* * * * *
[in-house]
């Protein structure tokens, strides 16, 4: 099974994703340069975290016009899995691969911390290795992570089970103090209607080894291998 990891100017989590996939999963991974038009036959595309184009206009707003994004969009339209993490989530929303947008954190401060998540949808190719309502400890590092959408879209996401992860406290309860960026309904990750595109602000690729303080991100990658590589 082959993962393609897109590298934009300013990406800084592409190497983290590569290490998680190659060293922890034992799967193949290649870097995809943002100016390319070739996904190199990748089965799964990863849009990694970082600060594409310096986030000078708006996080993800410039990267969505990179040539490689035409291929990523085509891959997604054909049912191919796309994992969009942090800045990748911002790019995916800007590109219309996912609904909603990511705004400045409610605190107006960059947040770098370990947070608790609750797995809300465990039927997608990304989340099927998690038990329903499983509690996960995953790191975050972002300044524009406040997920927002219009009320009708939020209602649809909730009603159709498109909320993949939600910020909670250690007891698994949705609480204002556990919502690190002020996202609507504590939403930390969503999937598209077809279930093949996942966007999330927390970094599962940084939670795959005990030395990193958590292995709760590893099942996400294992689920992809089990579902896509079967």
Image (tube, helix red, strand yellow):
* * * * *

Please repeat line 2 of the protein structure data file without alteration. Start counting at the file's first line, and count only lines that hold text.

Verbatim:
């Protein structure tokens, strides 16, 4: 099974994703340069975290016009899995691969911390290795992570089970103090209607080894291998 990891100017989590996939999963991974038009036959595309184009206009707003994004969009339209993490989530929303947008954190401060998540949808190719309502400890590092959408879209996401992860406290309860960026309904990750595109602000690729303080991100990658590589 082959993962393609897109590298934009300013990406800084592409190497983290590569290490998680190659060293922890034992799967193949290649870097995809943002100016390319070739996904190199990748089965799964990863849009990694970082600060594409310096986030000078708006996080993800410039990267969505990179040539490689035409291929990523085509891959997604054909049912191919796309994992969009942090800045990748911002790019995916800007590109219309996912609904909603990511705004400045409610605190107006960059947040770098370990947070608790609750797995809300465990039927997608990304989340099927998690038990329903499983509690996960995953790191975050972002300044524009406040997920927002219009009320009708939020209602649809909730009603159709498109909320993949939600910020909670250690007891698994949705609480204002556990919502690190002020996202609507504590939403930390969503999937598209077809279930093949996942966007999330927390970094599962940084939670795959005990030395990193958590292995709760590893099942996400294992689920992809089990579902896509079967």